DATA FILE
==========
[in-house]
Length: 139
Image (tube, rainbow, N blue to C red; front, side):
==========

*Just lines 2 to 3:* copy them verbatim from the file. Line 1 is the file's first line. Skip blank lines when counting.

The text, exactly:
Length: 139
Image (tube, rainbow, N blue to C red; front, side):